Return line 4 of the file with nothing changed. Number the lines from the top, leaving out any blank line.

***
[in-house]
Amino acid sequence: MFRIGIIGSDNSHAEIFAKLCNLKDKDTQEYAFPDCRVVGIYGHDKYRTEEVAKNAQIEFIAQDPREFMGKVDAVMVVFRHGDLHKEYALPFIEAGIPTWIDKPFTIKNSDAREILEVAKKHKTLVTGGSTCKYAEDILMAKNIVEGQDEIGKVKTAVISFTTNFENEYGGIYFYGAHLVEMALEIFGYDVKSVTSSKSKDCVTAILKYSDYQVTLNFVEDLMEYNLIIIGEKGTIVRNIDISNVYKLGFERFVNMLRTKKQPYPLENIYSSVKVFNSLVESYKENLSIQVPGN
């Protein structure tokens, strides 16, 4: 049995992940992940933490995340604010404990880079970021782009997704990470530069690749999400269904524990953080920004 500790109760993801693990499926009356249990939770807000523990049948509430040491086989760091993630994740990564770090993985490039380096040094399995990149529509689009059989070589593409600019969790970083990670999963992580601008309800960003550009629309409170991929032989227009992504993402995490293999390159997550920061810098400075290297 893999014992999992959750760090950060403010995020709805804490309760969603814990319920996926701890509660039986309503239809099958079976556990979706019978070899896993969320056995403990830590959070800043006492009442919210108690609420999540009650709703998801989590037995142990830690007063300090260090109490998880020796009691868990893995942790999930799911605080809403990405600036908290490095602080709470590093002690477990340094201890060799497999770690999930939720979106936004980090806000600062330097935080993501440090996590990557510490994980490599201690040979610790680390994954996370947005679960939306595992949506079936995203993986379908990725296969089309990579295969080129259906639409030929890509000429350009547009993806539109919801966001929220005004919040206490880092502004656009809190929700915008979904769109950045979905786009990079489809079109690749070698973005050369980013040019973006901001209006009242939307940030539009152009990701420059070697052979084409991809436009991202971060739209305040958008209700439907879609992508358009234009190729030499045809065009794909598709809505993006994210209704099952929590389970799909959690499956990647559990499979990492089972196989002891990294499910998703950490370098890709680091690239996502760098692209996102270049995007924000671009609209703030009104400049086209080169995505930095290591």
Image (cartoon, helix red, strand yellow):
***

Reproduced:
Image (cartoon, helix red, strand yellow):